LAST week's threatened crisis in Anglican circles over female ordination tickled the fancy of certain church historians with an eye for the ironical.
It brought to their minds the immense power once wielded in the Church by women, particularly those formidable medieval Abbesses with the power of Bishops.
One such historian maintains somewhat mischievously that there was _not just one English Pope, namely the well-known Adrian IV, but that there were two. The second, it is claimed was John VIII who reigned in the mid ninth century.
It was a highly confused period that could well give rise to the theory that a young Englishwoman, disguised as a Benedictine monk, travelled from near Mainz to end up by so thrilling philosophers and scholars in Rome that she was elected Pope.
This of course was the supposedly legendary Pope Joan whose existence nevertheless remained in the official chronicles for several centuries.
Among the papal busts in Siena Cathedral there was still one of "John VIII, a woman from England" until as late as the 16th century.
An embarrassed Clement VIII (1592 — 1605) decided, with or without evidence, to convert the offending monument into a bust of Pope Zachary. But the legend of Pope Joan has never quite died.
Women barred by Canon Law?
TALKING of women in the sanctuary, there was some heated correspondence recently in several papers following an incident in Westminster Cathedral when some girls who were hoping to help the Cardinal celebrate Mass were turned away at the sacristy door. What is the actual canon law, if any, on this topic?
You will no doubt recall our original report of the incident and subsequent comment. But perhaps the most interesting theory was produced by a correspondent to the Daily Telegraph who pointed out that the decree supposedly banning women from the altar, Inaestimablile donum (1980), pre-dates the current Code of Canon Law which became operatikze in November, 1983.
The relevant Canon, moreover of the current code (c. 203), which speaks of the scope for lay servers, uses a neutral as opposed to the masculine gender which was employed in the old Code of 1917.
Possibly most significant of all is the conclusion by the Canon Law Society of America that "...There is no solid legal basis for excluding female altar servers."
This might be some consolation to the parish priest of the girls turned away at the Cathedral, namely Fr Aiden Sharratt, Dean of Islington. As you may remember he refused to concelebrate the Mass in question after the girls had been excluded and commented afterwards "To celebrate unity and reject half the community from the sanctuary is ludicrous. I was not in a state to receive Holy Communion after the incident."
Firm hand of Prince Bishops
MORE visitors than usual will, between now and the autumn, be visiting the City and county of Durham at the encouragement of local hotels, tour operators and the like.
The latter have been inspired by the coming 1 3 0 Oth anniversary of the death of St Cuthbert (March 20, 637) to encourage as many visitors as possible to one of the most interesting parts of England.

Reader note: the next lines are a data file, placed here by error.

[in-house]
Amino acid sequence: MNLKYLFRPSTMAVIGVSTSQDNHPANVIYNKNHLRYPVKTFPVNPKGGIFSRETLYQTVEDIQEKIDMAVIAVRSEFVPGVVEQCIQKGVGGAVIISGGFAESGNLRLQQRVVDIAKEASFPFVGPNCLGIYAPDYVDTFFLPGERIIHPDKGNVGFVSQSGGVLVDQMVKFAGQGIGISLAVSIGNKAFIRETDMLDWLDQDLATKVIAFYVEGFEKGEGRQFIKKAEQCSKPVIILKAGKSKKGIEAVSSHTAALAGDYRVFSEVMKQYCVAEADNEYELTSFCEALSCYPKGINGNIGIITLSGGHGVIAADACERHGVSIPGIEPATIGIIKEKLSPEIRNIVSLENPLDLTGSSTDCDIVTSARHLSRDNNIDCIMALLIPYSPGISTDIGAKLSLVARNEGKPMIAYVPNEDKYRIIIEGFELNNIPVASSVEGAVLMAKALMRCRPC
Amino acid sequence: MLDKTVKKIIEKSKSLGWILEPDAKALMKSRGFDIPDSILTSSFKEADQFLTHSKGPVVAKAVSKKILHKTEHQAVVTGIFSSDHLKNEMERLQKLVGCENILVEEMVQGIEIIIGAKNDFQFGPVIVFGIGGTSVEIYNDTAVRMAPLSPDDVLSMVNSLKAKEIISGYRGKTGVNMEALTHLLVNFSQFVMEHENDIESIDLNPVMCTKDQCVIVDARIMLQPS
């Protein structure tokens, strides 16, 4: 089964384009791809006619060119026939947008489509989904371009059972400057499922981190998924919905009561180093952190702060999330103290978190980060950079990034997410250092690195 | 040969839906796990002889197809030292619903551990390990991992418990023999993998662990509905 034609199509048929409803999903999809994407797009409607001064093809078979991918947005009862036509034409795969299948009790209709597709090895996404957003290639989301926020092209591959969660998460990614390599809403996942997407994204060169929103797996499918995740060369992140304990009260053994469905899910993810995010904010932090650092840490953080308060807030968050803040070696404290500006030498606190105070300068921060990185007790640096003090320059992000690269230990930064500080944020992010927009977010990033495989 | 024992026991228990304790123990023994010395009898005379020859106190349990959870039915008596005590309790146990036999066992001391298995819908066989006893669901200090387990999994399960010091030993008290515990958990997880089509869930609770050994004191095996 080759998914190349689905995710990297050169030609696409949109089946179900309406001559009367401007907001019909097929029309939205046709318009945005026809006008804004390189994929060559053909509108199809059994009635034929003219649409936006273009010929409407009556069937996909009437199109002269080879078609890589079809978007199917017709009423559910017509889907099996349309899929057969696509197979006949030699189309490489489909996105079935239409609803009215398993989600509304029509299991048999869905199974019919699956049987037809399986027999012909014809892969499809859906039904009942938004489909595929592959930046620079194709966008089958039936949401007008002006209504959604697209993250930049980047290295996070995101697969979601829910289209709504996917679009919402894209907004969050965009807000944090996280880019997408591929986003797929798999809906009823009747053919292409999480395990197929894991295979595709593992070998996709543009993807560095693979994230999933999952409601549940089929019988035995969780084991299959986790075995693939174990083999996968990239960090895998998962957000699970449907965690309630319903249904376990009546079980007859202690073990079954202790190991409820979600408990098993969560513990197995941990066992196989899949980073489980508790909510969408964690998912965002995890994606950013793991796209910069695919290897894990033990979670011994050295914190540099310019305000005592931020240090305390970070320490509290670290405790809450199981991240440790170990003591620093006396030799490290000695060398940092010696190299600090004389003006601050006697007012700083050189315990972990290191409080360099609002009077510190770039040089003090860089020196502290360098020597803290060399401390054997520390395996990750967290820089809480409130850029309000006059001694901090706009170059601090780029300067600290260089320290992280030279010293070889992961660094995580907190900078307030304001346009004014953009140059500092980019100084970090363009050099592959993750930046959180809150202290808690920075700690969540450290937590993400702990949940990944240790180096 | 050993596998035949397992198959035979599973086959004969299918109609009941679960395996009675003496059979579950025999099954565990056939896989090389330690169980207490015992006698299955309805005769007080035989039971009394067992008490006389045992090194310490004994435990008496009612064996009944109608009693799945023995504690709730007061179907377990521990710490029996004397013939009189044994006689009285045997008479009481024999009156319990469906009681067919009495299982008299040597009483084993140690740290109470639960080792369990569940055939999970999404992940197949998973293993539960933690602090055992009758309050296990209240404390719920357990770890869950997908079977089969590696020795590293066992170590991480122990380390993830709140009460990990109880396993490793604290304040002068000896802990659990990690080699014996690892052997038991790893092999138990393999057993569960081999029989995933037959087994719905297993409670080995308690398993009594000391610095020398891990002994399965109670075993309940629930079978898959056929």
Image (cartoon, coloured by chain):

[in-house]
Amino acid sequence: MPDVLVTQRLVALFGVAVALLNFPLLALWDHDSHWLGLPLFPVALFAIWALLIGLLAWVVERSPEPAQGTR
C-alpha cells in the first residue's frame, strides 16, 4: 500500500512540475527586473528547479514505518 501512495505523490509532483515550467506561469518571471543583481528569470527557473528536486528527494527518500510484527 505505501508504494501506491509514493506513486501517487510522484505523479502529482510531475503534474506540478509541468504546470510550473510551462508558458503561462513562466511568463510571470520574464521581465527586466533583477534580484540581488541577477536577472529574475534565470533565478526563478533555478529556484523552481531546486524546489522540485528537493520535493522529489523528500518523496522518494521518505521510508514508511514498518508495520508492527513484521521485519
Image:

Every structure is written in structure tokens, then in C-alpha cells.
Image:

Often overlooked, the 800 years heritage of the Prince Bishops who ruled over the "Palatine" County of Durham is also being brought back into focus in a new tourism promotion campaign by Durham County Council.
Indeed the Prince Bishops of Durham have a unique place in English history. In medieval times they administered their territories with an authority normally exercised only by the King.
As the Steward of the Bishopric stated in 1302: "There are two Kings of England, namely the Lord King of England wearing a crown in sign of his regality, and the Lord Bishop of Durham wearing a mitre in place of a crown as symbol of his regality in the Bishopric of Durham", Such Prince Bishops were proud fellows outwardly, at least in the early days, but often, saintly behind the scenes. The influence of the great Cuthbert hovered on through the centuries.
They first took on their great powers soon after the Norman conquest when Northumbria was regarded as a difficult territory to administer being on the frontier with a not always friendly Scotland.
Its traditional rulers were not, originally, the Bishops, but the Earls of Northumberland who had inherited the powers of the ancient Kings of Northumbria.
King William Rufus, however, eager to prevent any competition from local hereditary lords, saw great advantages in combining the political powers of the earldom with the spiritual powers of the Church.
He therefore transferred the powers of the Earl to the Bishop which meant that the Bishop now became Count Palatine as well as spiritual leader.
Such power was wielded, fiercely when necessary, through the centuries, but by the 17th century the golden period of the Prince Bishops was well into decline.
Their fuedal lifestyle came under much criticism, but their powers, though reduced, continued until, in 1836, on the death of Van Mildert, founder of Durham University, the Palatinate's rights and priveleges were vested in the Crown.